Two dozen MPs since 2016 have been paid for second jobs through personal service companies they have set up, a Sky News investigation has found.
It means these MPs can exploit the fact that tax rates on companies differ from those on employment, enabling them to reduce their tax bills on second jobs.
This practice is legal and common in certain industries, but some MPs appear to have taken further steps to reduce their taxes on non-parliamentary earnings.
Lib Dem leader Sir Ed Davey is one of 12 MPs to have received earnings from second jobs via companies owned partly or solely by their spouse, an arrangement accounting experts have said is often used to reduce taxes.
Sir Ed and his wife also appear to have taken advantage of a loophole that allows reduced tax rates to be paid on money taken out of a company when it’s closed. More than £100,000 was sitting on the balance sheet of the company through which Sir Ed received payment for five second jobs held between 2017 and 2022, before the company was liquidated last year.
Ex-cabinet minister Ranil Jayawardena, another to receive earnings from second jobs via a company owned with his wife, claims to have been doing two separate roles with the same company at the same time between 2017 and 2020 – an arrangement that may have afforded him further tax benefits.
Sky News spoke to more than half a dozen tax and accounting experts who confirmed that, while all payments are likely lawful, MPs can use these methods to reduce taxes on their earnings from second jobs.
Use of personal service companies enables taxes to be minimised
By setting up companies through which they offer their consultancy services – known as personal service companies – MPs pay corporation tax and dividend taxes on their non-parliamentary work, rather than income taxes, as they do on their MP salary.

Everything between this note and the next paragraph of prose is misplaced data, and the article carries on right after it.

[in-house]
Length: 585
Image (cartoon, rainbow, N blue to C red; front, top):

In receiving money this way, some MPs can reduce their tax rate by around 5% on their additional jobs, depending on how much they’re earning.
But using these companies enables additional ways through which taxes can be minimised.
Giving spouses or other family members a salary or shares in the MP’s business can further reduce tax bills. If the family member is a basic rate taxpayer, they would pay tax rates almost four times lower on dividends received from the company than an MP, who are higher rate taxpayers.
Of the 24 MPs using these companies, 12 list a family member as a shareholder or director.
But perhaps the biggest tax benefit when using a personal service company comes when earnings from second jobs are built up in the company before it is closed down and liquidated.
Under these circumstances, tax rates on additional earnings for MPs – who pay 40% tax on the upper end of their £84,144 MP salary – can be as low as the 10% capital gains tax rate paid on assets when a company is closed.
Three MPs have liquidated companies through which they were receiving their second earnings and two of these – Sir Ed Davey and Robert Butler – had significant amounts of cash on the balance sheet when the companies were closed.
Energy Destinations Ltd, the company Sir Ed’s earnings were paid into, was closed in June last year with £103,717 of assets distributed upon its liquidation. The company was previously transferred from Mr Davey to his wife in 2017, but he continued to receive more than £350,000 in payments from second jobs into the company until earlier this year.
‘It’s perfectly legal, but is it fair?’
HMRC introduced rules in 2016 to stop the practice of opening and closing companies as a means of obtaining relief.
The tax break can still be used however as long as the business owner doesn’t open a new company within two years doing similar work.
Ian Dickinson, tax director of UHY Hacker Young, said of people taking active steps in this way to reduce taxes on their work: